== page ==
Building a job-ready portfolio of coding projects doesn't happen overnight, but if you're like most self-taught developers, you've likely built up a nice collection of todo apps, calculators, and other toy programs. Here's the thing, applications for end-users are great, but I'm here to convince you that adding a library to your portfolio will make you much more hireable.
A specific library that I wrote has helped me land jobs several times, but I'll talk about that more later.
Applications are normal programs. They start up and do some stuff. They have an entry point like a
main() function. On the other hand, a library (aka package), consists of some code intended to be used in other programs. If you've ever used
npm install, or
pip install, then you've included a 3rd party library in your code.
Here are some examples.
A portfolio project is just a project that you feel comfortable sharing with potential employers - both the finished product and the code. Its primary purpose is simply to assist you in your job search, it shows what you're capable of building, and frankly, a great portfolio can do a lot for your confidence in interviews. Not every project you build while learning to code should necessarily be a "portfolio" project. You'll build plenty of projects just for the sake of learning, or for fun.
Portfolio projects require some additional work. I recommend picking just 2-3 projects that you'll actively showcase on a resume or GitHub profile page. You should hold these select projects to a higher standard. They should not only work, but also:
- Have well-written tests
- Have clean and well-organized codebases
- Detailed README.md files describing what they do, and how to use them
- Do something interesting. The more interesting your project, the more likely you are to pique the attention of a hiring manager
I recommend making at least one of your portfolio projects a library, and at least one an application.
I'd also recommend getting your GitHub or GitLab profile in order, after all, it's where your portfolio lives. It's okay to have more than just your 2-3 portfolio projects set as "public" on your GitHub, but you probably only want to pin your best work.
- Designing a good library shows a deep understanding of software engineering and architecture
- It's easier for an engineer to understand why a library is useful than a random app that may or may not be the target user of
- It's easier for your project to gain some traction on GitHub as a library, which can act as social proof
- Many entry-level developers aren't building libraries, so you'll stand out
Let's go over each point in a bit more detail.
It's pretty easy to build a small app using awful coding and architectural practices. As long as it works, your users can't even tell the code is shitty right?
With libraries, you can't get away with it. Your users are developers, so if your library's exposed functions, classes, and types are poorly written, it's dreadfully obvious. Conversely, it's easy and fast for someone skimming your documentation to see if your library has a good API.
When managers are browsing your work, it's important that they can quickly tell that you've built something amazing, and packages can communicate that effectively.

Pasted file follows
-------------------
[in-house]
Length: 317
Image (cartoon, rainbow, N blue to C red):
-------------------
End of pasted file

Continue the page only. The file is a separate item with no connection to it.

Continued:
Building a cool app that people will use is really hard, and has very little to do with coding skills. However, it helps a lot in the hiring process if the people interviewing you think you've built some cool stuff.
When you build an application, you're typically building it for a specific kind of person. For example, tinder is built for (mostly) single people looking for relationships. People in happy, monogamous relationships are unlikely to care about Tinder.
However, when you're building a library, even if your interviewer isn't exactly the user of your library (due to a coding language mismatch for example), they will likely understand and appreciate the technical problem your library solves. Applications solve all sorts of problems, from medical billing to boredom. Libraries truly just solve a single problem: technical complexity, and that's something every developer understands.
While it's not necessary, it's a great help to your job search if one of your projects can get some "social proof" behind it. GitHub stars, blog posts referencing the tech, and external pull requests all quickly signal to a reader that this project is "legit".
Now, I'm not saying you should spend your valuable time marketing your portfolio project, but the added benefit of libraries over applications is that they tend to gain traction in developer circles more easily. If you build a library that solves a meaningful technical problem, even if it's a small one, then publish it on NPM or wherever is most appropriate for the language, you have a good chance of gaining a couple of users and fans.
When you're applying for your first developer job, your competing with many other new developers. Frankly, most of the candidates are doing the same old things, which makes it hard for the hiring team to find the best people. Anything you can do to stand out positively will help!
The fact that most developers don't even have a good portfolio of projects will already be a point in your favor. However, if on top of that you have a cool library with a simple API you'll be in a really good place.
I've now written a couple of little packages that have helped me in my job search. While I don't mention all of them in every interview, at least one has come up in my last 3 interviews. Well, the last 3 interviews in which I ended up taking the job. Here they are, in descending order of precedence in my portfolio:
Good luck with your current and future job searches!